How to insert and run VBA code in Excel - tutorial for beginners

This is a short step-by-step tutorial for beginners showing how to add VBA code (Visual Basic for Applications code) to your Excel workbook and run this macro to solve your spreadsheet tasks.

Most people like me and you are not real Microsoft Office gurus. So, we may not know all specificities of calling this or that option, and we cannot tell the difference between VBA execution speed in Excel 2019, 2016, 2013 and 2010. We use Excel as a tool for processing our applied data.

Suppose you need to change your data in some way. You googled a lot and found a VBA macro that solves your task. However, your knowledge of VBA leaves much to be desired. Feel free to study this step-by-step guide to be able to use the code you found:

Insert VBA code to Excel Workbook

For this example, we are going to use a VBA macro to remove line breaks from the current worksheet.

  1. Open your workbook in Excel.
  2. Press Alt + F11 to open Visual Basic Editor (VBE).
    Excel Visual Basic Editor window
  3. Right-click on your workbook name in the "Project-VBAProject" pane (at the top left corner of the editor window) and select Insert -> Module from the context menu.
    Insert a new VBA module to the Excel workbook
  4. Copy the VBA code (from a web-page etc.) and paste it to the right pane of the VBA editor ("Module1" window).
    Paste the code to the VBA module

  5. Tip: Speed up macro execution

    If the code of your VBA macro does not contain the following lines in the beginning:

    Application.ScreenUpdating = False
    Application.Calculation = xlCalculationManual

    Then add the following lines to get your macro to work faster (see the screenshots above):

    • To the very beginning of the code, after all code lines that start with Dim (if there are no "Dim" lines, then add them right after the Sub line):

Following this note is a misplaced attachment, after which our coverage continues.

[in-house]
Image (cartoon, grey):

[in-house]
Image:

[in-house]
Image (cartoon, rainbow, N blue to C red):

Application.ScreenUpdating = False
      Application.Calculation = xlCalculationManual
    • To the very of the code, before End Sub:
      Application.ScreenUpdating = True
      Application.Calculation = xlCalculationAutomatic

    These lines, as their names suggest, turn off screen refresh and recalculating the workbook's formulas before running the macro.

    After the code is executed, everything is turned back on. As a result, the performance is increased from 10% to 500% (aha, the macro works 5 times faster if it continuously manipulates the cells' contents).

  6. Save your workbook as "Excel macro-enabled workbook".

    Press Crl + S, then click the "No" button in the "The following features cannot be saved in macro-free workbook" warning dialog.
    The following features cannot be saved in macro-free workbook

    The "Save as" dialog will open. Choose "Excel macro-enabled workbook" from the "Save as type" drop-down list and click the Save button.
    Save your workbook as Excel macro-enabled workbook

  7. Press Alt + Q to close the Editor window and switch back to your workbook.

How to run VBA macros in Excel

When you want to run the VBA code that you added as described in the section above: press Alt+F8 to open the "Macro" dialog.

Then select the wanted macro from the "Macro Name" list and click the "Run" button.
Press Alt+F8 to run the VBA macro

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